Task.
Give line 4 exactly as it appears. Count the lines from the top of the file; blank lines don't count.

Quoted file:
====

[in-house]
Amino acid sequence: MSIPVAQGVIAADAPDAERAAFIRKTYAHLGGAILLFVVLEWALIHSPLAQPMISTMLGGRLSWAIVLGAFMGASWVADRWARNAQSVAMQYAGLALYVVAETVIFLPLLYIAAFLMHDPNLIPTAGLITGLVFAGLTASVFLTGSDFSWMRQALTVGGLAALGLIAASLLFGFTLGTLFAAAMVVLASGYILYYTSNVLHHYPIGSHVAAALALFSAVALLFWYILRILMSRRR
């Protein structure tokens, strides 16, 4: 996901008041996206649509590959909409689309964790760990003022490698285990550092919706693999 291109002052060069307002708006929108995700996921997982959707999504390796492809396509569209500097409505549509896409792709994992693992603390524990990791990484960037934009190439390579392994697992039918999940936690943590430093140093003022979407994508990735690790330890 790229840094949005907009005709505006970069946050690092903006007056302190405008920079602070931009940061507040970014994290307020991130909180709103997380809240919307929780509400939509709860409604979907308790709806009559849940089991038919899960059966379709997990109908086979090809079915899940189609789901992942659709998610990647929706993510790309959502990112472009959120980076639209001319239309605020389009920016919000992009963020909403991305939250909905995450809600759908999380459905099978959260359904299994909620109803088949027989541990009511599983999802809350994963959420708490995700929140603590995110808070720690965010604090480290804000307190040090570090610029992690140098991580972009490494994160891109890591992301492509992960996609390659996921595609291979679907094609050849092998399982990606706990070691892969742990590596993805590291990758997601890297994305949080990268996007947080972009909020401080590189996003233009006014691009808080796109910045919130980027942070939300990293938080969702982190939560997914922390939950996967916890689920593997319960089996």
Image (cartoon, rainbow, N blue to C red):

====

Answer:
Image (cartoon, rainbow, N blue to C red):